In my collection of blog ideas, I have an article titled, “Why Your 20 Year Old Self says to STFU.” Hindsight let’s us be so critical of ourselves in our young and stupid phase. I still have traces of how scared and mixed up I was then. That version of me does deserve a break.
The strange thing is that what reminded me to leave my poor younger self alone was another meme.
Would my younger self be proud of the me I have become? I think so. I’ve done some cool stuff that I hope would impress her. I also think she would like what I do for a living.
I am the administrator for a Customer Relationship Management database. Many eyes just went glassy. Let me try that again. I make sure that the computer program that holds our customer information allows us to access that info and pull the reports that we need to thrive as a company.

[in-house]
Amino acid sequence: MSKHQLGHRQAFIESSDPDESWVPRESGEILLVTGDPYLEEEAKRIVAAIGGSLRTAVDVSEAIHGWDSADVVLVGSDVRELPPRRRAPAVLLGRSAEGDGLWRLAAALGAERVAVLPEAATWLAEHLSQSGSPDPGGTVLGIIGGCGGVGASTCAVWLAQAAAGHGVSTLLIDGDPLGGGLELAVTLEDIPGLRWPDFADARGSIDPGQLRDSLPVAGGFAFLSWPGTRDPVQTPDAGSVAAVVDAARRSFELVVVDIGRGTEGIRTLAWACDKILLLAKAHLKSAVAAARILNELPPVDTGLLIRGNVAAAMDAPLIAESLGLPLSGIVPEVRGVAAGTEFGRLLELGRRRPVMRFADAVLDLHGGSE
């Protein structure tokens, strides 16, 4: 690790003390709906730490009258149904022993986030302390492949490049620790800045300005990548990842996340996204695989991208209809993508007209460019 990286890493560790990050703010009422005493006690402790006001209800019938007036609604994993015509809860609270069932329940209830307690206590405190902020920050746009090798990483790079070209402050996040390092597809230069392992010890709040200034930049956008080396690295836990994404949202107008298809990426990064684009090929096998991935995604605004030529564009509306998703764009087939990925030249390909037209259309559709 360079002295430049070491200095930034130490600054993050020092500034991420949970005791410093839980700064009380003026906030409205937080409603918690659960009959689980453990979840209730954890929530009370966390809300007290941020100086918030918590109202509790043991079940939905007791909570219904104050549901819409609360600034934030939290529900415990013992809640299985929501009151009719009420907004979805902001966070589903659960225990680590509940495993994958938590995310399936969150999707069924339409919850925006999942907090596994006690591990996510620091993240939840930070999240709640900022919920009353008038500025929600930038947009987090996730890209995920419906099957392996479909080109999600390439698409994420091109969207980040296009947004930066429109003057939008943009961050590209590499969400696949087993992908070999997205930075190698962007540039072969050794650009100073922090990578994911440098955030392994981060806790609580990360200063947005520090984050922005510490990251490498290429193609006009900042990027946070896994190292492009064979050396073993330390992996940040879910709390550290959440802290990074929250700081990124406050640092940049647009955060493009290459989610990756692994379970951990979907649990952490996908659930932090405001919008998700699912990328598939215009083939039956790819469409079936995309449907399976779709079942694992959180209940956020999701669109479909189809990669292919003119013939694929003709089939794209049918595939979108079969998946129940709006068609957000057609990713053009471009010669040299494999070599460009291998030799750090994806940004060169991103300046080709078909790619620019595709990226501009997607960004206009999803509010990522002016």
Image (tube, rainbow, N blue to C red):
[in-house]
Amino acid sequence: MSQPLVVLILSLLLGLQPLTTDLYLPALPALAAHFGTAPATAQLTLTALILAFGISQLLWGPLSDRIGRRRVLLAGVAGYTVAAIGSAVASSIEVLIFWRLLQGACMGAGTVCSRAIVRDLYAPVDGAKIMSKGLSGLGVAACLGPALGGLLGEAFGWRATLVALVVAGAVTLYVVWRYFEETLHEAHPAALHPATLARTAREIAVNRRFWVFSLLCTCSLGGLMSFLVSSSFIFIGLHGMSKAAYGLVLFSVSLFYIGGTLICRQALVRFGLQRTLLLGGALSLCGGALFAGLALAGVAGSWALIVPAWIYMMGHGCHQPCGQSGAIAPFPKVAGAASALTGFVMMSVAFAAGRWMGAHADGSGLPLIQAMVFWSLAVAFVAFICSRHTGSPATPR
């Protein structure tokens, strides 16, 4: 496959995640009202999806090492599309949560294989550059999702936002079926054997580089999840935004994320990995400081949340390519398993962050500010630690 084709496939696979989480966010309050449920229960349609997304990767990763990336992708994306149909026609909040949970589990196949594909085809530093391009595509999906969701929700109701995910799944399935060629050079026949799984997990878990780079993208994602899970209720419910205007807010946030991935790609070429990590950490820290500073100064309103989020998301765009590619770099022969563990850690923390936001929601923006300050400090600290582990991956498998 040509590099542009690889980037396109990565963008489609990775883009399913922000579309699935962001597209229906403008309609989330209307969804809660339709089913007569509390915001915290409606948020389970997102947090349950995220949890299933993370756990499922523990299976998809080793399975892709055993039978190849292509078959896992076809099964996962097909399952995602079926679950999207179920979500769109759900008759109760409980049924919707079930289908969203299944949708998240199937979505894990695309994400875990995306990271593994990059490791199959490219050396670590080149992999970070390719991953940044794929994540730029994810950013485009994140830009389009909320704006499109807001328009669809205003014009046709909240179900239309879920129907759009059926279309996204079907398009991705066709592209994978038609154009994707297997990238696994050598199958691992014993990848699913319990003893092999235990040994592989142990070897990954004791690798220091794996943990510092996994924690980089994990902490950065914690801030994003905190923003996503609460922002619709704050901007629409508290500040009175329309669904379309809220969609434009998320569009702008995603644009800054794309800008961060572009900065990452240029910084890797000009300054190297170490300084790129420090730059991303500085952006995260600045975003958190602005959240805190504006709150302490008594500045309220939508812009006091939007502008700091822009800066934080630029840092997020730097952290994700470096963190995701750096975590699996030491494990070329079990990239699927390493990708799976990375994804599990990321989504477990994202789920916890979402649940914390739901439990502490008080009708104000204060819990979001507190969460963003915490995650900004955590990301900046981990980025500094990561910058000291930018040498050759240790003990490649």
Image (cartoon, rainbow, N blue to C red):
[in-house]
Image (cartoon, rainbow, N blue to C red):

“Why on earth would a young girl care about that?!?!?” anyone still paying attention is probably thinking. When I was 12, my family got a Commodore 64.
I loved that computer. One summer I taught myself how to build a DOS-based program on it. I changed font and background color. I even had a quiz. It gave a second change when a wrong answer was entered, and it totaled the score at the end.
I remember how much fun it was to make and how proud I was of my accomplishment. As I continued with that program, however, I hit a snag I couldn’t get past. It wasn’t like I could Google the problem, and at that point there weren’t programming books at my local library. I simply stopped.
In my job now, whenever I build a new formula field and it works, I have that same level of joy I did when programming my Commodore 64. At least now when things go horribly wrong, I have a user community that will answer questions with remarkable speed. Then I get that satisfied feeling that I can now do something that was impossible not too long ago.
What would your young self think of who you are today? or What was your first computer?